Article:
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Ancient Roman Remains in Tuscany



Ancient Roman Remains in Tuscany

The Istituto Italiano di Cultura is pleased to present two lectures on the Roman origins of Tuscany held by Dr. McKenzie Lewis.

Lecture 1

Friday, May 18, 10:00am to 12:00pm

The Economy of a Roman Villa: Excavations in Northern Tuscany’s Arno River Valley. The Villa del Vergigno is a large rural villa located ten miles west of Florence inhabited from the early first century B.C.E. to around 400 C.E. Recent excavations at this villa rustica have revealed evidence of ceramic production and wine making during the period when Tuscany transitioned between its “Etruscanperiod into a “Roman” one. Was intensive agricultural production at this large villa a product of Roman colonization, or an example of the local prosperity that brought Roman imperialism to the region? In this talk, the director of excavations Dr. McKenzie Lewis discusses the life of a Roman villa, the ancient economy, and the Romanization of Italy.


Lecture 2

Friday, May 25, 10:00am to 12:00pm

How Old Is the City of Florence? It is commonly accepted that the city of Florence, the cultural heart and first capital of unified Italy, was founded by Julius Caesar in the 40s B.C.E. and settled as a colony shortly afterward by Rome’s first emperor Augustus. This orthodox view of the city’s foundation by a strong imperial Rome, drawn from a fourth century Latin text, took on ideological importance in the 1940s and 1950s. However, a much earlier date for the birth of Florence is now possible to be shown. In this provocative talk drawn from his Distinguished Dissertation Award research, Dr. McKenzie Lewis draws together a variety of evidence, ranging from ancient inscriptions and Latin manuscripts to rescue excavations in Florence’s city center, to re-date Florence’s foundation.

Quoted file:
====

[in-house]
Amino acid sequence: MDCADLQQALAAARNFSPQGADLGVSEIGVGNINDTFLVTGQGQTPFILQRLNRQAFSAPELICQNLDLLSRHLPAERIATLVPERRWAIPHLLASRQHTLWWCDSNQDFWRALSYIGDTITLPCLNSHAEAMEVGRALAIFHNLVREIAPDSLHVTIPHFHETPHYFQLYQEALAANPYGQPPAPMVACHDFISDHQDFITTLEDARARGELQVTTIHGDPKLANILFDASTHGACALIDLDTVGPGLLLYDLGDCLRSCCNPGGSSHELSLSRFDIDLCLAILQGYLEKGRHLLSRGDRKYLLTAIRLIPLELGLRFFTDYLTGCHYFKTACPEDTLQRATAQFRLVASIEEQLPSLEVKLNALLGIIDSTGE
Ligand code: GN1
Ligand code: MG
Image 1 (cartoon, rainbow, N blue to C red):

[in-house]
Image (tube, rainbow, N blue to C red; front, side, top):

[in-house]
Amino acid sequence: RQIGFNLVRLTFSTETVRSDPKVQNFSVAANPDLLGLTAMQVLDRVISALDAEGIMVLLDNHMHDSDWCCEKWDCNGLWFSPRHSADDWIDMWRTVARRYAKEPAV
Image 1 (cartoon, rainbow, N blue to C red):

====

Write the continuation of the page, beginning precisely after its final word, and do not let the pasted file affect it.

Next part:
The lectures will be in English

Tickets: $20 General Public/ $15 IIC Students.
Reservation is required. To register please call 416.921.3802 ext. 228



McKenzie Lewis

McKenzie Lewis is a professor of Classics and currently a Research Associate at University of Waterloo's Institute for Hellenistic Studies. He has taught in Rome at the Intercollegiate Center for Classical Studies and John Cabot University, and in the United States most recently at the University of Wyoming and Concordia College. Dr. Lewis' area of specialty is in the art and archaeology of Italy and Rome, and he is the Director of the Villa del Vergigno Archaeological Project where he leads excavations of a Roman Imperial-era villa. His presentations and publications include topics such as Classical Greek vase painting, Roman History, Latin poetry, and ancient Greek and Roman architecture. Dr. Lewis' current book project is "Networks and Imperialism: Roman Colonization of Northern Etruria."


Date: Da Friday, May 18, 2018 a Friday, May 25, 2018

Time: From 10:00 am To 12:00 pm

Organized by : Istituto Italiano di Cultura

In collaboration with : The Canadian Institute for Mediterranean Studies - University of Toronto - Department of Italian Studies

Entrance : With fee


Istituto Italiano di Cultura - 496 Huron St., Toronto